I thought that Prydain fans might enjoy the following tidbit from Monday's New York Times, which contained an article captioned "Now in the Recovery Room, Music to Heal By: Testing a Theory that the Gentle Strains of a Harp Help Regulate Hearts After Surgery." Apparently a hospital in New Jersey has on staff a harpist who plays daily in the cardiac recovery unit for two hours. As part of a study on the effects of her music, recovery room staff monitors patients' vital signs every fifteen minutes while she is playing. The results are still incomplete, but so far comments by patients and nurses seem to back up a study by a doctor in Illinois that "harp music in particular helped stabilize irregular heartbeats." The harpist (no, it's not Fflewddur in drag) claims that she makes sure she doesn't play any tune that's too recognizable, in case it's something like "music a guy broke up with his girlfriend in Atlantic City to." She favors instead, unsurprisingly, Celtic airs and tunes from books like "The Healer's Way: Soothing Music for Those in Pain."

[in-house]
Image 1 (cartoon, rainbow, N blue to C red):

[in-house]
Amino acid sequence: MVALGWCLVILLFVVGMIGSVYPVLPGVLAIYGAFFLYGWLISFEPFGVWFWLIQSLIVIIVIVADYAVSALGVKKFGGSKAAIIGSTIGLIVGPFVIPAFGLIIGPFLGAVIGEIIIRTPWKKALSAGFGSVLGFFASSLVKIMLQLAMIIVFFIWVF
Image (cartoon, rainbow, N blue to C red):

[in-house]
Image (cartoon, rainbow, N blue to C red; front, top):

Even the staff finds her music relaxing.
One amusing note: the article begins with the line "When George Moran woke up on Tuesday, he thought he had died and gone to heaven." As the writer point out, this was not such a far-fetched notion as all that; the gentleman in question woke up from heart surgery to become dimly aware of an attractive woman strolling around playing a harp! There is a picture of the harpist that accompanies the article, and she is carrying a harp that she can sling around her waist. It's bigger than your average Prydain bard's harp, but it looks otherwise much as one imagine such instruments to look--at least, that's what I thought.
The citation is the New York Times national version, 28 Aug 2006: A14.